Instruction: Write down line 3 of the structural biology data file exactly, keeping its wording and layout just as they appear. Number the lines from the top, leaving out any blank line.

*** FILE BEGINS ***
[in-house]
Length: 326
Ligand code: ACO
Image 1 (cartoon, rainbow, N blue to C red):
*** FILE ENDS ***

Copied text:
Ligand code: ACO